-- Antony Jay and Jonathan Lynn, "Yes Minister"
 
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Richard Bos
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      07-13-2010
Debajyoti Sarma <(E-Mail Removed)> wrote:

> How to implement sizeof operator in C ?


One cannot. It is already built-in, and its dual nature means that it
cannot be implemented in a single function/macro/whatever written in C
itself.

> Function is more preferable than macro.


No, it isn't; it's an operator, not a function _or_ a macro.

There is a reason why sizeof is built-in. You should not try to do what
has already been done for you.

Richard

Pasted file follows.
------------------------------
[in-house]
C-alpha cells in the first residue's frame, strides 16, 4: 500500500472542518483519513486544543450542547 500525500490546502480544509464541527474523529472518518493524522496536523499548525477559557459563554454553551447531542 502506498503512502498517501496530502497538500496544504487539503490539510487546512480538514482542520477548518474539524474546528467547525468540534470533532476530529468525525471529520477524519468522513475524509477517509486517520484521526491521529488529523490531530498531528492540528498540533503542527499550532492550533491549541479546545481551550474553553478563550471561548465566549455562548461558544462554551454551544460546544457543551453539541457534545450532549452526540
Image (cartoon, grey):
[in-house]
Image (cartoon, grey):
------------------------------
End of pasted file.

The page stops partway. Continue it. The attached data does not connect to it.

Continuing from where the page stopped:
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Tim Rentsch
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      07-14-2010
Keith Thompson <(E-Mail Removed)> writes:

> jacob navia <(E-Mail Removed)> writes:
>> Jens Thoms Toerring a @C3{A9}crit :
>>> What are you talking about? 'sizeof' is an operator and neither
>>> a function nor a macro. Moreover, it's evaluated at compile time
>>> so it can't be replaced by a function (which only can be executed
>>> at run time).

>>
>> In C99 that is not true
>>
>> size_t fn(int a)
>> {
>> int tab[a];
>>
>> size_t s = sizeof(a);
>> return s;
>> }
>>
>> This is evaluated at run time. In general you are correct, only this
>> specific case is different

>
> As mentioned downthread, you meant sizeof(tab), not sizeof(a). And you
> don't really need the intermediate object:
>
> size_t fn(int a)
> {
> int tab[a];
> return sizeof tab;
> }


Nor 'tab' either; just 'return sizeof (int[a]);'.